Sage Conversations: Insights from a next generation leader

The Great Conversation in Security featured a series of interviews with the Security Executive Council (SEC) and the attendees of their Next Generation Security Leader forum. One of the featured interviews was with Bob Hayes, the founder and managing director of the SEC. He has been a security operations manager and a CSO, so he knows what it takes to get there.

Hayes has led the SEC for well over a decade, identifying forward thinking security executives in private and public organizations, thought leaders in government and universities, and solution providers in technology and services.

The interview with Hayes, conducted by SIW Editorial Director Steve Lasky, brought out a number of key strategic pillars of the SEC that is helping to grow the professionalism of the industry:

  1. The SEC was formed because the security industry needed a disciplined research organization.
  2. The SEC’s 2020 Initiative was formed to provide leaders with the means to look forward and plan for the future.
  3. OPaL was launched to provide an assessment tool by which security leaders could gauge the organizational readiness, the program maturity and the leadership quotient of their organization.
  4. The Next Generation Security Leader forum and curriculum was launched to provide the lessons learned to the next generation of security leaders who will impact and drive the future of security
  5. The SEC is now working with universities to ensure that next generation business leaders have a true understanding of security’s value in the operation of the business.

One university that contributed heavily to the Next Generation Security Leader program was the University of South Carolina, which has one of the most prestigious business programs: The Darla Moore School of Business. It is consistently ranked as one of the top ten international business schools in the country.

One of the critical needs of the security industry, according to Hayes has been the lack of preparation of business leaders for dealing with risk and leveraging the role of the security professional. In the interview, Hayes says that they are influenced by what they learn on television. This drives ill-formed expectations and misunderstandings that impact their impressions of security professionals.

Security professionals also do not get leadership training. The training they do get is based on what Hayes calls the products of personal opinion; the books and articles published by self-described subject matter experts.

So the SEC basically has taken on the hard work over many years to build a collective knowledge database, leverages the database to create tools that current and future leaders can really use, packages it into compelling curriculum based training, and delivers it through targeted advisory through their faculty.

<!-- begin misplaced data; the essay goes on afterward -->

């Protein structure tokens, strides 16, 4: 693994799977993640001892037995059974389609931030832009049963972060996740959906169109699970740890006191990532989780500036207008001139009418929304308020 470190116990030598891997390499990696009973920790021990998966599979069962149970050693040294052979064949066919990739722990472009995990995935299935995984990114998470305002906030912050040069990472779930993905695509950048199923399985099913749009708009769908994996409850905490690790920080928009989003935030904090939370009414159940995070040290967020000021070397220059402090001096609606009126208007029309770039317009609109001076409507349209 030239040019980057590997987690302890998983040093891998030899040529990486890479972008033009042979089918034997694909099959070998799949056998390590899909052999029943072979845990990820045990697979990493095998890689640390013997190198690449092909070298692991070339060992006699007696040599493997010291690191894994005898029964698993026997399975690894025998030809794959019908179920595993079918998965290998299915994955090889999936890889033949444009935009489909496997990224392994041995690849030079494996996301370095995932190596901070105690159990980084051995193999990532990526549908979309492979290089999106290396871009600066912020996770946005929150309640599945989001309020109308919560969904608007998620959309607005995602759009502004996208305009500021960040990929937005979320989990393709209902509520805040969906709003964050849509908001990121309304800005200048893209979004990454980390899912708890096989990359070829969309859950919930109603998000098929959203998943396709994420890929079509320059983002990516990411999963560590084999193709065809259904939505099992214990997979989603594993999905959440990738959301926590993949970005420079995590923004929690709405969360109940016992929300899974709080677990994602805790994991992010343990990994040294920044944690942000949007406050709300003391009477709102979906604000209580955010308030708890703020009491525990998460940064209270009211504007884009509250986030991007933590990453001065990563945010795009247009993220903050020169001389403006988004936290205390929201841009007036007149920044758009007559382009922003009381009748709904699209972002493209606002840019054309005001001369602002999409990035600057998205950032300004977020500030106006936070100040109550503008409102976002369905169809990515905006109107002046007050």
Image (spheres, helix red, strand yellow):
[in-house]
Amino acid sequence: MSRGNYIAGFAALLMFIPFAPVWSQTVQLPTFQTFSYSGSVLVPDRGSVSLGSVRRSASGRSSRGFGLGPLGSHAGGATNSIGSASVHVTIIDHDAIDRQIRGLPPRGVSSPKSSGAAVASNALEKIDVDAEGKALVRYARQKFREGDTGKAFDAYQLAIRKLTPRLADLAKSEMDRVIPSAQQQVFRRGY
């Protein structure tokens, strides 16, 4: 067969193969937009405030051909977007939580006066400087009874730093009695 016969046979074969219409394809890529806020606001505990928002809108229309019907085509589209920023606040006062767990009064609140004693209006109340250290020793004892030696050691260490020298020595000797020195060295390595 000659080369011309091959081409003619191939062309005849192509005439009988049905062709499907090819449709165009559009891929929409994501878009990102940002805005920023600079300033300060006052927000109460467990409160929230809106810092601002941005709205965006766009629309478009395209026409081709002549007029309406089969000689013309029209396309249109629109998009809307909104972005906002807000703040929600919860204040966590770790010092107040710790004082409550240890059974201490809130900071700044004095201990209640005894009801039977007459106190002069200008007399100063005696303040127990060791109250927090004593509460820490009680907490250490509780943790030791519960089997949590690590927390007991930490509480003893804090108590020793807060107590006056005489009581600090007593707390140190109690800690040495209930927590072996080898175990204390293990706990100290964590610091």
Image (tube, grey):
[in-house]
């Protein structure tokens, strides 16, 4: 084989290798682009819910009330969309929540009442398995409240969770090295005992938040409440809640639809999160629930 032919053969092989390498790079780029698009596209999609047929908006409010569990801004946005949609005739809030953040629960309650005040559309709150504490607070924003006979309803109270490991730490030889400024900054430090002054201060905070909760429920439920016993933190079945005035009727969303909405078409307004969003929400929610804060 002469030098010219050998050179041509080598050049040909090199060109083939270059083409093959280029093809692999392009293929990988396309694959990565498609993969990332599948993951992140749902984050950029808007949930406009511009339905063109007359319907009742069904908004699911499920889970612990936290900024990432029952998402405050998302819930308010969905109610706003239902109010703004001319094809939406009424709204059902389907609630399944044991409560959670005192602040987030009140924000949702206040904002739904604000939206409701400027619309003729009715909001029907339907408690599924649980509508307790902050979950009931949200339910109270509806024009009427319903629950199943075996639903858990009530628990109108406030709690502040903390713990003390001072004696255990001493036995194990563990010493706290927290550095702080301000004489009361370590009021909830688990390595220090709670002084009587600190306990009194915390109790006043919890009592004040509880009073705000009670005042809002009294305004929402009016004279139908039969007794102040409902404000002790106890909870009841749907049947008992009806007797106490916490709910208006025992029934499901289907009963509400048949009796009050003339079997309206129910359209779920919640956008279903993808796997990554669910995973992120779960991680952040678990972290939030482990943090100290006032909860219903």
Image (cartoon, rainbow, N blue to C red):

For example, according to Hayes, the NGSL provisions the three key pillars of an effective leader:

  1. Vision
  2. Strategy to get to the vision
  3. Communication platform for creating a common language with the organization’s leaders

The last one, communication, is critical. It is the basis for assembling the data that already exists, and sharing it in a way that is meaningful to their organization’s vision, goals and performance. Hayes quoted and paraphrased the Darla Moore Business School with a comment that drove home the significance of communication: There is no doubt in security’s value. The issue is how much management values security.

The SEC sees the NGSL program as pivotal to the next generation of leaders that can identify the key performance indicators of value inherent in their organization, and design a risk, resilience and solutions roadmap to support and defend that value over time.

The NGSL North American tour started in Seattle in March at The Great Conversation. It will arrive at the following cities and locations over the next 12 months:

  • June 5, Los Angeles, Calif., Sony Pictures Entertainment
  • Sept. 23, Chicago, Ill., The Union League Club of Chicago
  • Oct. 28, Fairfax, Va., The Great Conversation in Security
  • March 4, 2014, Seattle, Wash., The Great Conversation in Security

The proof points will follow. Many of these existing and emerging leaders will form a new perspective on value for their own operation, but also for their vendor relationships. This could impact buying decision behavior up and down the security value stream.

The SEC is also attempting to create accredited proof points for technology vendors that are willing to expose their clients and their work to the SEC to assess and qualify the results. If this can be proven, they become part of the Solution Innovation Program that provides another level of assurance and guidance to the SEC’s executive membership as well as to next generation leaders.

The SEC’s ability to stay current is anchored by effective research, compelling partnerships with other thought leaders and universities, seasoned advisors, and a growing alumni of next generation leaders.

The possibilities for the industry as a whole to become more valuable to its core stakeholders seems to have a formidable advocate and lever in the SEC’s strategic pillars. The industry eagerly anticipates the proof points that will be delivered over the next year as the SEC takes leadership, innovation and program measurement on the road.

 

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